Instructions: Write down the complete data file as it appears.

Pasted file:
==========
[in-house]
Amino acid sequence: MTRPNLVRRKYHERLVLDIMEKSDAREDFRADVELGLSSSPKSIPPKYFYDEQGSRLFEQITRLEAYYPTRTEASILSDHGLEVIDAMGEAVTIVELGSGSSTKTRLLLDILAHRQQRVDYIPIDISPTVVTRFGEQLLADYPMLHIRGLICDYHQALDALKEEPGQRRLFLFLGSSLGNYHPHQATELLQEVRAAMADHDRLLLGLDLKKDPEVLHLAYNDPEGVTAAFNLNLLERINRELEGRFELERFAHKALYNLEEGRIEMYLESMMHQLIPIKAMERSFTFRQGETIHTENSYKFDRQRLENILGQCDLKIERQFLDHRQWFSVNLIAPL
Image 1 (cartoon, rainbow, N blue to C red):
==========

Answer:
[in-house]
Amino acid sequence: MTRPNLVRRKYHERLVLDIMEKSDAREDFRADVELGLSSSPKSIPPKYFYDEQGSRLFEQITRLEAYYPTRTEASILSDHGLEVIDAMGEAVTIVELGSGSSTKTRLLLDILAHRQQRVDYIPIDISPTVVTRFGEQLLADYPMLHIRGLICDYHQALDALKEEPGQRRLFLFLGSSLGNYHPHQATELLQEVRAAMADHDRLLLGLDLKKDPEVLHLAYNDPEGVTAAFNLNLLERINRELEGRFELERFAHKALYNLEEGRIEMYLESMMHQLIPIKAMERSFTFRQGETIHTENSYKFDRQRLENILGQCDLKIERQFLDHRQWFSVNLIAPL
Image 1 (cartoon, rainbow, N blue to C red):